By Liam McPherson
With the arrival of warmer April weather, Centretown is gearing up for Earth Day, a popular day of awareness about living a more environmentally friendly lifestyle.
This April 22, Centretown residents are encouraged to reduce their own carbon footprint by using bike paths or public transit, recycling, installing more efficient lighting or simply taking a walk outdoors.
City officials will also be participating, but Somerset Coun. Catherine McKenney said the day is more than just a photo opportunity. It’s a chance to show her constituents what she plans to do to help reduce Ottawa’s carbon dioxide emissions and encourage more sustainable living.
“Earth Day is a day to gather and celebrate community and citywide initiatives working towards cleaner air and water, as well as the protection of our natural ecosystems,” said McKenney. “We are constantly working on improving active transportation and transit opportunities for Ottawa with a specific push for complete streets and a well-connected cycling network.”
She added: “Through municipal funding and assistance, we have also been helping more residents gain access to workable space for their own garden.”
McKenney said Earth Day is “a time to acknowledge community champions and to rejuvenate for the upcoming year,” adding that she is “always looking to engage with the residents, employers, and business owners of Ward 14 to find solutions to living green.”
Centretown resident Dylan Peters said that the sentiment of the day should be not only about taking stock of how eco-friendly Centretown is, but how much greener Centretown can become with greater effort. “In Canada, we sometimes don’t appreciate how much we have, which results in us creating a larger carbon footprint. Earth Day helps me understand the ways in which our communities can help manage these solutions.”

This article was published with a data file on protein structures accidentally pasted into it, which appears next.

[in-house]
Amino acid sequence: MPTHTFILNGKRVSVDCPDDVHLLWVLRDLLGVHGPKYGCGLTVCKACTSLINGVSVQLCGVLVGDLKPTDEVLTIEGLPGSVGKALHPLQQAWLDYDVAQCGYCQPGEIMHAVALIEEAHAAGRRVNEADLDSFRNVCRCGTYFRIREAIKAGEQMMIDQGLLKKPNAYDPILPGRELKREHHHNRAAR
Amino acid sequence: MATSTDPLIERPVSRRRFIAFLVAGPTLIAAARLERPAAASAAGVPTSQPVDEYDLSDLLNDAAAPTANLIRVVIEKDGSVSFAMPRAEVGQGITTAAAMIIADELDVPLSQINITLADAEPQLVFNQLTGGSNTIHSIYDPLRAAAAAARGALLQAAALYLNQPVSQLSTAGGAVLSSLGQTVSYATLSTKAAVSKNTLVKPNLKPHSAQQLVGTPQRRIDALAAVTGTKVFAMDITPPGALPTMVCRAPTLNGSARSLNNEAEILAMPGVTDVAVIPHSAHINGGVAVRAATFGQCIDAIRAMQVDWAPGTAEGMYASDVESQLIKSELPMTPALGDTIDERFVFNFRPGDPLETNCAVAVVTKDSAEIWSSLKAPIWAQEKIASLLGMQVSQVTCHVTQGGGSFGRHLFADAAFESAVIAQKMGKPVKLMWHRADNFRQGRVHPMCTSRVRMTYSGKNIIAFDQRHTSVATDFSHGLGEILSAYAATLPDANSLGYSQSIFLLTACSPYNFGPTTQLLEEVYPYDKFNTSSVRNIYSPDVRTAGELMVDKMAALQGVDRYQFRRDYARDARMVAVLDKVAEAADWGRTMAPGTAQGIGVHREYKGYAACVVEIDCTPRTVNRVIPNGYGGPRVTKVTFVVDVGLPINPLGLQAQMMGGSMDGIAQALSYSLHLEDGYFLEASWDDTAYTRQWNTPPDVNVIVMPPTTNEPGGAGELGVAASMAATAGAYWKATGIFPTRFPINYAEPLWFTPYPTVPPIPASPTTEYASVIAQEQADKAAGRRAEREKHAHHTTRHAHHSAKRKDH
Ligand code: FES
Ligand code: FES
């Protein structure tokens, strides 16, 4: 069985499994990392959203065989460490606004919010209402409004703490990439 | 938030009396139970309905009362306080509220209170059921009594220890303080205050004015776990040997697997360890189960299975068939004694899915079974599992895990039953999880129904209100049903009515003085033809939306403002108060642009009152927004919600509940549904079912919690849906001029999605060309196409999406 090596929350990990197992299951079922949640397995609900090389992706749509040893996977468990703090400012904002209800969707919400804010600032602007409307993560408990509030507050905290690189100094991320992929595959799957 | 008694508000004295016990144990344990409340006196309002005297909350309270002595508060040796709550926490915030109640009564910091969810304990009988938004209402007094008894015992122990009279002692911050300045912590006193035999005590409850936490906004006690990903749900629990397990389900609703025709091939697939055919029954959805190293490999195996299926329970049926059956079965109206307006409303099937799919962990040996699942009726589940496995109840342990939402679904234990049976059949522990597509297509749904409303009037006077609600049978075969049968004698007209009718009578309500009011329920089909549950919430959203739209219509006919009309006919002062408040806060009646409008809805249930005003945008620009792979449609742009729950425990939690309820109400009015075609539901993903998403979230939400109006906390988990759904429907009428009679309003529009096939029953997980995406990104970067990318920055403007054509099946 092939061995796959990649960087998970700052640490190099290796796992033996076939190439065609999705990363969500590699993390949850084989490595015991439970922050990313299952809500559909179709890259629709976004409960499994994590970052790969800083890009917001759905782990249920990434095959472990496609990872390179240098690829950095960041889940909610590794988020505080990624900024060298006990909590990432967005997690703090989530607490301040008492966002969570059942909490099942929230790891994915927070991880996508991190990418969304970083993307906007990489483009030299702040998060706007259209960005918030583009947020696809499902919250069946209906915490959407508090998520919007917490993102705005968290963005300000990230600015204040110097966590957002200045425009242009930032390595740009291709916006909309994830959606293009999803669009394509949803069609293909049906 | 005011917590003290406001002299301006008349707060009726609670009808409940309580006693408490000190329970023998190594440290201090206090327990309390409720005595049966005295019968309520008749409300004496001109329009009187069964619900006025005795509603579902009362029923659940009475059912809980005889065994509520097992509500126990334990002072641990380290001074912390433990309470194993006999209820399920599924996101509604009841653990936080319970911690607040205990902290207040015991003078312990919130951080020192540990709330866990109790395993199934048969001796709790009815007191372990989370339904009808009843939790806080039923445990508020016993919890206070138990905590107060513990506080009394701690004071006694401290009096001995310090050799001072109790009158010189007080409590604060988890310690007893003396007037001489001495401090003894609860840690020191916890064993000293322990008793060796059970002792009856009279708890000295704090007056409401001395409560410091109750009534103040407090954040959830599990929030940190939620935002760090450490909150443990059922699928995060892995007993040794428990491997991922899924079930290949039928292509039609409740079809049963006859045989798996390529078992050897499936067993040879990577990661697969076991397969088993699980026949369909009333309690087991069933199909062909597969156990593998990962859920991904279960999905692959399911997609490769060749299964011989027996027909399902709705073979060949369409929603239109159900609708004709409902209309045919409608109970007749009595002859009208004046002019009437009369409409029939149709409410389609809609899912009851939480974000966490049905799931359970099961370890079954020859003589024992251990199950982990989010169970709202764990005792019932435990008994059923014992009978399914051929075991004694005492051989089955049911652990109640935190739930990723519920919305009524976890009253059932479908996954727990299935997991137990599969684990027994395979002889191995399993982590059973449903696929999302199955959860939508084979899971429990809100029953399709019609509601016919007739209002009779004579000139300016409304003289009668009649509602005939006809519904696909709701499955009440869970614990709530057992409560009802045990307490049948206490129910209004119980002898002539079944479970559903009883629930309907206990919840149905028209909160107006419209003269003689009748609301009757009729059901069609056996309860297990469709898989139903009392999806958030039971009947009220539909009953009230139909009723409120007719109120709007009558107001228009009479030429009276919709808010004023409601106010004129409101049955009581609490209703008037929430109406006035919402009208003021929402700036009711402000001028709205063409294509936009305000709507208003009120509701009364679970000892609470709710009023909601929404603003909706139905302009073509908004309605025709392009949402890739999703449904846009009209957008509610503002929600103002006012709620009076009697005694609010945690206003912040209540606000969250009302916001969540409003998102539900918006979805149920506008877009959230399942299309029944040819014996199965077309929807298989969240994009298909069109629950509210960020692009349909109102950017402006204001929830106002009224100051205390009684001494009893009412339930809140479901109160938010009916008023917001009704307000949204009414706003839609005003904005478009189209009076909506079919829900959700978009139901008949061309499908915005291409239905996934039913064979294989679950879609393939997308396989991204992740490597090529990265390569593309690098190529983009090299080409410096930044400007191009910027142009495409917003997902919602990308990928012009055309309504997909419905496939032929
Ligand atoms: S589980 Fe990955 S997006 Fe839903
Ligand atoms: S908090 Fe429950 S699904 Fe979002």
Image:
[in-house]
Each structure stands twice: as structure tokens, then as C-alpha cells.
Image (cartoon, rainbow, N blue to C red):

Peters, who plans to “read by candlelight” on Earth Day, hopes other Centretown residents will tweak their lifestyle to leave less of an environmental footprint. “People could use fluorescent light, reuse their grocery bags, or buy reusable ones” he added. “It’s not that difficult to make easy changes which have way more long term gain for you in the end.”
Ottawa Centre MPP Yasir Naqvi said that 2017 is an especially important year to reduce humanity’s carbon footprint. “As Canada turns 150, celebrations across the country are highlighting the beauty of our great outdoors.” Naqvi said that because Canada is a home to such beautiful natural features, Earth Day should not only be about making changes in one’s own lifestyle, but about protecting Canada’s natural wonders for years to come.
“Earth Day is an important opportunity to appreciate and educate ourselves about our community’s unparalleled natural beauty so we can protect this vital resource for future generations.”
McKenney, who sits on the city’s environment committee, agrees. “There are lots of really exciting examples of green initiatives throughout Somerset Ward, including community gardens, a growing cycling network, great parks with great trees, and buildings implementing innovative green technologies to reduce their impact on the environment. With that being said, there is definitely room for growth.”
Along with other councillors, McKenney recently commissioned a report investigating the potential benefits of a “congestion pricing” model for Ottawa. “The report is a first step to examine specific congestion pricing tools to help reduce traffic congestion and increase transit ridership through the city,” McKenney said. “As the active transportation and LRT networks grow, we are attempting to ensure development occurs appropriately with density in places where people can move around without needing a personal vehicle.”
Despite her best efforts to reduce Ottawa’s carbon footprint, McKenney said she sometimes struggles with reducing her own.
“For me it is often the little things that can add up. I try to be conscious about my daily decisions and how they may harm the environment, but I am also a year-round cyclist and am lucky to benefit from Ottawa’s growing active transportation infrastructure.”